A Skype chat with James Bach

I had originally proposed a hypothesis about James Bach & his Testers Commitments in my previous post & the only way I could think of proving or disproving it was to ask him in person (well, over Skype at least!)

This resulted in an impromptu coaching session, which I really wasn’t expecting – I wouldn’t recommend a coaching session when you are not very adept at using a software keyboard!

Throughout the session it dawned on me that the hypothesis wasn’t needed in the original post & I decided to break it out into its own post.

The entire transcript can be found here.

So here are the questions ([10/01/2012 22:26:01] in the transcript):

I wonder if James’ view on testing stems from the fact he now largely acts as a consultant? This would fit my definition of testing as a service.

James appears to have been a consultant since 1999 (taken from Satisfice.com) before which, apparently he was in permanent positions.

My next question would be that since software delivery has changed enormously since 1999, in which time James hasn’t been ingrained on a team, is James missing something regarding the change in team dynamics?

My thinking behind the question was that, in my opinion, the development lifecycle has changed considerably (for the limited number of industries I am familiar with) since James James was last embedded in a development team.

James was very frank in his response & happy to help me make sense of the answer, which I greatly apprciated:

well, it’s a reasonable issue to raise

I have done some project work in recent years. I’m on a medical device project right now, for instance.

But I have a special status

I haven’t been an “ordinary tester” or “ordinary test manager” on a project since 2001


I have visited many many companies

I have dipped into teams and seen how they work

and heard them complain to me

and sat through sprint planning meetings


so, it’s not like I’m completely isolated

Here’s some things to think about though:

The last time I handed the list of commitments, as such, to a developer was 1999. Since then I’ve not been in a position there I was working regularly with any specific developer, and close enough where they knew who I was, really.

that’s one thing

another thing

is that my personality is assertive

even combative

so when I make commitments like I do

my personality colors it

in other words

people don’t really walk all over me

unless I let them

But maybe for other testers, people more easily take advantage of them

You could reasonably raise the point that my sense of my own personal power makes something like these commitments easier for me to work with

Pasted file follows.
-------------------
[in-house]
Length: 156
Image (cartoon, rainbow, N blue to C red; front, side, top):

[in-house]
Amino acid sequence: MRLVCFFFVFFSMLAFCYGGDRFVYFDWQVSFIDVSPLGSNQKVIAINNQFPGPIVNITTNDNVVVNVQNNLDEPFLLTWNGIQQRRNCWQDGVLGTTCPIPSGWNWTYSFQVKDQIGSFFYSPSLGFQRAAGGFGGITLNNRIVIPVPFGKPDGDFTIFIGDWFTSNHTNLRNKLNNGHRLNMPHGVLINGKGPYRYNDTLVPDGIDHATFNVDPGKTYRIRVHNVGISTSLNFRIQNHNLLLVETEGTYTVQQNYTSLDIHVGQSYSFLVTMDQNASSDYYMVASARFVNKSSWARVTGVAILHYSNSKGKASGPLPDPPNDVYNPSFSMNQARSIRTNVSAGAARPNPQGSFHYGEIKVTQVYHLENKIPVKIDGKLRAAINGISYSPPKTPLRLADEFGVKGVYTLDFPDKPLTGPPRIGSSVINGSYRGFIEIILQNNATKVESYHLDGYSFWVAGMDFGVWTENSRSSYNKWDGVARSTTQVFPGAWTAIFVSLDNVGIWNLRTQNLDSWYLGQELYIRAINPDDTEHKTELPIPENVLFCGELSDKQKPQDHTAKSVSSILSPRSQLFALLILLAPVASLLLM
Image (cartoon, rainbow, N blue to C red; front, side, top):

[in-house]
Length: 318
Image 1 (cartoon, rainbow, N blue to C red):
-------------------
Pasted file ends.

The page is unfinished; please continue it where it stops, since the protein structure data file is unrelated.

and finally

you should raise the issue that my commitments are part of a bigger thing: which includes my hope that the developer will make a personal commitment to excellence, too

it is true that, even making these commitments, if a developer is chronically sloppy or uncaring, I will escalate that

So the 4 points that James drove out in response to my question were:

  • James recognised the fact the last time he used the commitments was in 1999, but this is somewhat mitigated by the fact that he has still been involved with projects in some capacity.
  • The respected position James has worked so hard to get himself into enables him to use the commitments & for Programmers to respect those commitments.
  • James’ commitments are part of a bigger picture to help develop quality software & if a Programmer isn’t part of that bigger picture then they will be called out.
  • Finally, but it covers all the previous points, James knows his stuff & has a very strong personality which prevents people from walking over him & these attributes enable him to get his point across.

Does this response answer the questions?

I know I wasn’t expecting a yes/no answer, but I never really thought about what type of answers I might expect before asking the questions!

By the looks of it, the changes I have noticed in the development lifecycle haven’t impacted James method & style of working. The commitments are also still as relevant (for James) today as they were when they were originally written. This kinda renders the questions to James irrelevant.

I’m thinking the questions should be aimed at me – I’m a contractor, not a permie. Would I have different set of commitments to a permie?

I am going to write my own commitments to a Programmer, but I do really want to write commitments to other members of the development team as well. I have a coaching session planned with James at the end of April – we’re going to try and draft some commitments from Programmers to Testers in that session. It would good to have my commitments boxed off by then!